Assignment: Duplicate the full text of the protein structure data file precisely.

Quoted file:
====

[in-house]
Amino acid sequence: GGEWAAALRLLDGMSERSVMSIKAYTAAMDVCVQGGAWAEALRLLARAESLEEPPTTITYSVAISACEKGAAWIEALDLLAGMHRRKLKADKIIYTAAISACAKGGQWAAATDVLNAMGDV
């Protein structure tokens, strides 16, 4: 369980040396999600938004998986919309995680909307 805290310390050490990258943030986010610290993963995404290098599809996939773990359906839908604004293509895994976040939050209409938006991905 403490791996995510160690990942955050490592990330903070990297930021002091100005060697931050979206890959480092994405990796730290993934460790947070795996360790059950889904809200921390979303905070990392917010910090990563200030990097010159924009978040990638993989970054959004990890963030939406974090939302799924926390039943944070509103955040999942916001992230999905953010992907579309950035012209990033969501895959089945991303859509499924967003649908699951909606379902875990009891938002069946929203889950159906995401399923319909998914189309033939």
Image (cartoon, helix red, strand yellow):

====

[in-house]
Amino acid sequence: GGEWAAALRLLDGMSERSVMSIKAYTAAMDVCVQGGAWAEALRLLARAESLEEPPTTITYSVAISACEKGAAWIEALDLLAGMHRRKLKADKIIYTAAISACAKGGQWAAATDVLNAMGDV
């Protein structure tokens, strides 16, 4: 369980040396999600938004998986919309995680909307 805290310390050490990258943030986010610290993963995404290098599809996939773990359906839908604004293509895994976040939050209409938006991905 403490791996995510160690990942955050490592990330903070990297930021002091100005060697931050979206890959480092994405990796730290993934460790947070795996360790059950889904809200921390979303905070990392917010910090990563200030990097010159924009978040990638993989970054959004990890963030939406974090939302799924926390039943944070509103955040999942916001992230999905953010992907579309950035012209990033969501895959089945991303859509499924967003649908699951909606379902875990009891938002069946929203889950159906995401399923319909998914189309033939």
Image (cartoon, helix red, strand yellow):